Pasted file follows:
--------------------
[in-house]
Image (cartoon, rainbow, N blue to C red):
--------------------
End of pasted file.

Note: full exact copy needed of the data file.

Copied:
[in-house]
Image (cartoon, rainbow, N blue to C red):